Galley

ship mainly propelled by oars

A galley is a type of ship. Galleys use rowing to move. The first galleys were using in Ancient Egypt, during the Old Kingdom (c. 2700-2200 BCE). Long ago, people like the Egyptians and Cretans used boats with sails for fighting and trading.[1] The Phoenicians were among the first to make a boat called a bireme around 700 BC. It had two sets of oars on each side, one above the other, so they wouldn't hit each other. They later added another set of oars outside the first two, making a ship called a trireme, around 500 BC. Some writings talk about ships with even more sets of oars, like the quinquireme, but these were probably just very big ships with two or three sets of oars.

A Maltese galley from the 16th century

Structure and Mechanism change

By the time of ancient Rome, war boats were very different from merchant ships. The war boats had long, skinny bodies and pointed fronts for ramming other ships. Merchant ships were wider and deeper, and they relied more on sails. Eventually, ships that only used sails became common. But even in medieval times, war boats called galleys were still used for trade, although they were more expensive to run because they needed bigger crews. The Vikings had small galleys called longships that could hold around 50 or 60 people. Places like Byzantium, Venice, and Genoa built fancier galleys, which were like big, decorated war boats. By the 13th century, Italian galleys were sailing to places like England and Africa for trade. In 1291, two Genoese galleys were lost while trying to find a new sea route to the Indies.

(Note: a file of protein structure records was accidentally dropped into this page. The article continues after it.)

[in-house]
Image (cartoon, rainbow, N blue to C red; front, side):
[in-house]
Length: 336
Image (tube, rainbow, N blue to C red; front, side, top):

Later on, new kinds of sails and steering made galleys less useful for trading, but they were still important in battles until the 16th century. They were especially important in the Battle of Lepanto in 1571.[2]

  1. "Galley | Ship, History, Features & Uses | Britannica". www.britannica.com. 2024-03-18. Retrieved 2024-05-08.
  2. "Galley | Ship, History, Features & Uses | Britannica". www.britannica.com. 2024-03-18. Retrieved 2024-05-08.